Face was his, but voice belonged to another
COFFEE WITH WARREN, with Warren Harbeck
The other day I was beside myself.
I mean, there's this guy who walks into Java Jamboree and the staff actually hand him my own personalized cup the very cup café owners Les and Ottilia Jaworski have emblazoned with the words "Coffee With Warren".
Then this guy steps outside just in time to be greeted by Anglican rector Greg Clark, who addresses him as "Warren" and proceeds to introduce him as such to a newcomer in town, telling her all about me.
When I finally cross the parking lot and catch up to this guy, friends see us standing together and shriek. And when I examine our reflection in the coffee shop window, I see why: We look like twins!
I don't have a twin!
What was this? A case of identity theft?
But let me step back in time a couple of hours.
That Thursday noon hour was our monthly 50+ lunch at St. Mary's Church in Cochrane. My wife, Mary Anna, who coordinates the lunches, had arranged for parishioner Debbie Vandelaar to be the featured speaker for the day and to demonstrate her craft.
Debbie's a topnotch motion picture make-up artist with many credits to her name. Perhaps you saw the recent television airing of Crazy Canucks? Debbie was the key make-up artist for this story of Canada's legendary men's alpine ski team that took the world by storm in the 1970s.
With over 20 years in the profession, she has traded new faces for old with such companies as Paramount, Disney, 20th Century Fox, CBC, BBC, and NBC. The list of actors she has worked on includes Colm Feore, George Fox, Graham Greene, Catherine O'Hara, and Vanessa Redgrave's daughter Joely Richardson. She's even done her magic on Barenaked Ladies.
Which brings us back to our 50+ lunch, where Debbie did her magic also on the bare naked pate of clean-shaven Fred Monk, pastor of St. Mary's.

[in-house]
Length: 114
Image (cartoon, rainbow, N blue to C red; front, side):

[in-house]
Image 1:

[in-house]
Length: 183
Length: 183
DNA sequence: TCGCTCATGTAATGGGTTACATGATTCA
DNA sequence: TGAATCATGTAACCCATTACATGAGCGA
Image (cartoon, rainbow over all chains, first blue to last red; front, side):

Father Fred's arrival on the scene as Debbie's model was a delightful surprise for all of us there, but nowhere near the surprise that was in store for us in his choice of what he would become.
Debbie spread out her tools-of-the-trade, selected a full white beard, and attached it to Father Fred's chin.
I couldn't resist suggesting he was beginning to look like the Hutterite gentleman I buy vegetables from at the farmers' market, but others suggested he was beginning to look more like a biker, noting his black T-shirt.
Amidst some hilarious banter between the two of them, Debbie applied next a salt-and-pepper mustache. I thought to myself: She's really good; that looks as real as the mustache I see in the mirror every morning.
Some of the other luncheon folks were beginning to gasp about now. But me? I guess I was a bit slow on the draw.
It wasn't until Debbie placed a meticulously prepared long white wig with widow's peak on Father Fred and invited Mary Anna to come up and braid it that I finally realized I'd been had.
They had conspired to make Father Fred into me.
A little more makeup to cover up the wig's netting, and Debbie's hour of magic was complete, Father Fred was a new man, and I was dumbfounded.
After photos, Father Fred donned my multicolored jacket and together we drove around town for a bit. I later learned that several of the townsfolk who saw us couldn't figure out who was driving, me or my "brother."
There was one dead give-away, however. We went over to Bentleys Books, just down from Java, and while I stayed by the car, Father Fred stepped inside and was welcomed by owner Mary Lou Davis. As soon as he opened his mouth, our good friend Mary Lou sensed something was amiss: the face was mine, but the voice belonged to another her pastor.
As it turns out, Debbie had approached Father Fred some weeks ago at the gym where they work out and asked him if he'd be her guinea pig for the luncheon event. He agreed on condition that she make him look like me to be kept top secret.
The rest is history, except for a nasty rumour that it's my turn next to be made into a Father Fred look-alike! You know: Hair today, gone tomorrow?
Hmmm . . .
© 2005 Warren Harbeck